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Keywords:

  • embryonic stem cells;
  • neural differentiation;
  • oxygen tension;
  • bioprocessing

Abstract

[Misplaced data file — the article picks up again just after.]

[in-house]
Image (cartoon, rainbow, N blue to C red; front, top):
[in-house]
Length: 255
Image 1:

The beneficial impact of lowering oxygen tension to physiological levels has been demonstrated in a number of stem cell differentiation protocols. The majority of these studies compare normal laboratory oxygen tension with one physiological condition (typically 2–5% O2). In this article, we investigated whether the full spectrum of physiological oxygen tensions (0–20% O2) and step-changes in oxygen tension could enhance the production of neural populations from of embryonic stem cells (ESCs). We used a model system for the conversion of mouse ESCs into cells expressing one neuroectoderm stem cell marker (nestin) and two neural markers (βIII tubulin and microtubule-associated protein (MAP2)). 4–10% O2 was associated with large increases in the total production of viable cells and the highest number of cells expressing Nestin, βIII tubulin, and MAP2. However, 4–10% O2 also caused a reduction in the percentage of cells expressing all three markers. Step changes in oxygen tension at the mid-point of the differentiation process affected the total production of viable cells and the percentage of cells expressing all three markers. We found that the initial oxygen tension and the magnitude of the step-change were critical variables. A step increase from 0 to 2% O2 mid-way through the protocol resulted in the highest percentage of cells expressing βIII tubulin (86.5%). In conclusion, we have demonstrated that the full spectrum of physiological oxygen tensions and step changes in oxygen tension represent a powerful tool for the optimisation of neural differentiation processes. © 2011 American Institute of Chemical Engineers Biotechnol. Prog., 2011